For the 240,000 passengers who fly American Airlines each day, the airline's bankruptcy filing should have little noticeable impact.
AMR Corp., the airline's parent company, said that it will continue normal flight operations as it heads to federal court to restructure. The move is aimed at reducing AMR's hefty costs, including for labor and fuel.
Delta, United, Continental and US Airways have all gone through Chapter 11. Travelers continued to book tickets. Planes still took off and landed and frequent flier miles were still earned and redeemed.
The only risk to passengers is if the restructuring fails, the airline ultimately liquidates and ceases to fly. Still, many travelers are protected in that case if they bought tickets with a credit card.
As for frequent flier miles, Eastern Airlines, Pan Am and Trans World Airlines all ceased flying but miles in their programs were transferred over to other airlines that bought some of their assets. TWA miles actually went into American Airlines' frequent flier program, AAdvantage.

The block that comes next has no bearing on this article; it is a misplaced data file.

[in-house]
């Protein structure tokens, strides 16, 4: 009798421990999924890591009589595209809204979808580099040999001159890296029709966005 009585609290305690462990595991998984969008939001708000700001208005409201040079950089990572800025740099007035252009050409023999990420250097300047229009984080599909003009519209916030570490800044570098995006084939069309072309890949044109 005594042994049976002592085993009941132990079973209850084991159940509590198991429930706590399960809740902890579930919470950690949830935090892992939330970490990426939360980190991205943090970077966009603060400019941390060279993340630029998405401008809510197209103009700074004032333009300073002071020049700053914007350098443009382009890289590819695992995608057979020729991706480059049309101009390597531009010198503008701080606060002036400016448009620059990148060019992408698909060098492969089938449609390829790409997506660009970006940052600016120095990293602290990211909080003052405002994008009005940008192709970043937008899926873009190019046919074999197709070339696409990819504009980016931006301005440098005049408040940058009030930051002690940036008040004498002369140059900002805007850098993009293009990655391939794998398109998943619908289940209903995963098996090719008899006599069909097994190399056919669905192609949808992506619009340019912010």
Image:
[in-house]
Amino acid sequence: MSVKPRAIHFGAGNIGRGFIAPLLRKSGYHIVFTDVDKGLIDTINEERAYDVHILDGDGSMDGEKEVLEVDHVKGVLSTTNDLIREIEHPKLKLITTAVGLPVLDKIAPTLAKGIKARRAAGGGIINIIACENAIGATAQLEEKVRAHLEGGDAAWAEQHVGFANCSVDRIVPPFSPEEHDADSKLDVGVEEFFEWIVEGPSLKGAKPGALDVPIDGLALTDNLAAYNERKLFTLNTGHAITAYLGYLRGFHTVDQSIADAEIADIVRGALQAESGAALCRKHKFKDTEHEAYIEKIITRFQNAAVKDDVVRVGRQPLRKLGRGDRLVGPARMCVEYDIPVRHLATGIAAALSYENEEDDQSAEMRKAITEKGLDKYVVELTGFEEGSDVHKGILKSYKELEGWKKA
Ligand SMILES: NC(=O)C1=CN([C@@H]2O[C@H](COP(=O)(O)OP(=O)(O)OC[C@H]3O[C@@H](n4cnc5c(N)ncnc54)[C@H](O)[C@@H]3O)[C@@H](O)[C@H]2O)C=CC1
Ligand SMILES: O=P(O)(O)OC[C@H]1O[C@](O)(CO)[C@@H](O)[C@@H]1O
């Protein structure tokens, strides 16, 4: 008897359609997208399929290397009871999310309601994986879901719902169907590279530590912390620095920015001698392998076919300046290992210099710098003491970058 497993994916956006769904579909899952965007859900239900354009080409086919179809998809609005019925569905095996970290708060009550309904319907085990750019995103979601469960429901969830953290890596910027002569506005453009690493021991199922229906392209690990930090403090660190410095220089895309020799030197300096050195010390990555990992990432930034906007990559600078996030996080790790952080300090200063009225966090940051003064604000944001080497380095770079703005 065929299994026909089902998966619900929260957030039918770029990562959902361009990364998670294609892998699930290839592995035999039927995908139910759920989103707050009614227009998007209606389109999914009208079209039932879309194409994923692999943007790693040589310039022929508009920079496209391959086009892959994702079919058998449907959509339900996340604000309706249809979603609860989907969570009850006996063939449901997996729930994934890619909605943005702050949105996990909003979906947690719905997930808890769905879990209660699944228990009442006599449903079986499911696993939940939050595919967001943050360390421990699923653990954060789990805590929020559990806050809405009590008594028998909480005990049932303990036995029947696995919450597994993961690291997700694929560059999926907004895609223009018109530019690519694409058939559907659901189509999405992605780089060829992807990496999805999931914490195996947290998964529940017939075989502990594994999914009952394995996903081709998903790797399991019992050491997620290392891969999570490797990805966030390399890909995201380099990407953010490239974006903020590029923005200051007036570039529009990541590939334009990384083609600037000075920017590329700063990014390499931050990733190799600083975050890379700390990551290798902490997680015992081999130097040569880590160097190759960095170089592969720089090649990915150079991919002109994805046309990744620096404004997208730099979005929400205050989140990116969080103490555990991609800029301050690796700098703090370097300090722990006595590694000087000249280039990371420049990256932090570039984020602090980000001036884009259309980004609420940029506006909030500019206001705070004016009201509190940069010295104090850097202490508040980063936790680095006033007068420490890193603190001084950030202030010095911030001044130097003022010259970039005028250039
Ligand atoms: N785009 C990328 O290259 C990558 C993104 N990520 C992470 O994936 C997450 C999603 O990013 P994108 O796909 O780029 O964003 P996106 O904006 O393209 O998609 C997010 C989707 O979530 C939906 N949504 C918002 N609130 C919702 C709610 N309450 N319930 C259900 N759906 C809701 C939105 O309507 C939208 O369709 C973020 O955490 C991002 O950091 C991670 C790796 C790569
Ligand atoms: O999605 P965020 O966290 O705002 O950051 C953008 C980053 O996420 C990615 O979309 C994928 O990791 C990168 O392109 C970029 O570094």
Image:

"Miles are safe," said Gary Leff, co-founder of frequent flier site MilePoint. He said the bankruptcies of past airlines "are instructive." He even suggested there might be some promotions to keep loyal travelers.
American is the nation's third-largest airline behind United Continental Holdings Inc. and Delta Air Lines Inc. Like its rivals, American has raised fares over the past year to offset the high cost of fuel. But for AMR, it hasn't been enough.
AMR said fuel costs rose 40 percent in the third quarter. Combined with AMR's much higher labor costs, that resulted in a $162 million quarterly loss for AMR, while Delta and United had a combined profit of $1.2 billion. American was the only major U.S. airline to lose money last year, and they have lost money in 14 of the last 16 quarters. AMR was also the only U.S. airline who didn't file for bankruptcy protection after September 11.